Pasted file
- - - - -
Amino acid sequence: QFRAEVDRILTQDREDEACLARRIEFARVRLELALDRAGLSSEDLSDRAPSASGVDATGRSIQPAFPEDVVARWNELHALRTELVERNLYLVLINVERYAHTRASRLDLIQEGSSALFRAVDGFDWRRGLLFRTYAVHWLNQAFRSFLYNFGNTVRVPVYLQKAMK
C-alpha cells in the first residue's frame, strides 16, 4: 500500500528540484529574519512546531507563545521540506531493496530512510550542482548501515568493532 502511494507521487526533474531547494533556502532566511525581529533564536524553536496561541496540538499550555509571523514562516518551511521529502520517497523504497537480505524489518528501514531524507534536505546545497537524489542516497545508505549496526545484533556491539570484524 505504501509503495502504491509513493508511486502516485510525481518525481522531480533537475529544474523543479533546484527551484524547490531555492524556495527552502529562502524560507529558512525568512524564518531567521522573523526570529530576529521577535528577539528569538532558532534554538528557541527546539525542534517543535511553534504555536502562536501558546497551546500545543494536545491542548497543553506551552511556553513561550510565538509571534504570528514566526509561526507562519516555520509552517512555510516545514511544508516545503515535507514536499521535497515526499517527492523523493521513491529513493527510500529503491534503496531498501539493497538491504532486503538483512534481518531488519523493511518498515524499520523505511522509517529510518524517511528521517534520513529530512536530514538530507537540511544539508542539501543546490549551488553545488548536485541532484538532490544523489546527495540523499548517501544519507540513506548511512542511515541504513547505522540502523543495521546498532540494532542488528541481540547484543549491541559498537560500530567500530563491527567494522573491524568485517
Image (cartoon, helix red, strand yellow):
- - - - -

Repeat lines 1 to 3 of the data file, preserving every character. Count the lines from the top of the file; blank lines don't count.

Amino acid sequence: QFRAEVDRILTQDREDEACLARRIEFARVRLELALDRAGLSSEDLSDRAPSASGVDATGRSIQPAFPEDVVARWNELHALRTELVERNLYLVLINVERYAHTRASRLDLIQEGSSALFRAVDGFDWRRGLLFRTYAVHWLNQAFRSFLYNFGNTVRVPVYLQKAMK
C-alpha cells in the first residue's frame, strides 16, 4: 500500500528540484529574519512546531507563545521540506531493496530512510550542482548501515568493532 502511494507521487526533474531547494533556502532566511525581529533564536524553536496561541496540538499550555509571523514562516518551511521529502520517497523504497537480505524489518528501514531524507534536505546545497537524489542516497545508505549496526545484533556491539570484524 505504501509503495502504491509513493508511486502516485510525481518525481522531480533537475529544474523543479533546484527551484524547490531555492524556495527552502529562502524560507529558512525568512524564518531567521522573523526570529530576529521577535528577539528569538532558532534554538528557541527546539525542534517543535511553534504555536502562536501558546497551546500545543494536545491542548497543553506551552511556553513561550510565538509571534504570528514566526509561526507562519516555520509552517512555510516545514511544508516545503515535507514536499521535497515526499517527492523523493521513491529513493527510500529503491534503496531498501539493497538491504532486503538483512534481518531488519523493511518498515524499520523505511522509517529510518524517511528521517534520513529530512536530514538530507537540511544539508542539501543546490549551488553545488548536485541532484538532490544523489546527495540523499548517501544519507540513506548511512542511515541504513547505522540502523543495521546498532540494532542488528541481540547484543549491541559498537560500530567500530563491527567494522573491524568485517
Image (cartoon, helix red, strand yellow):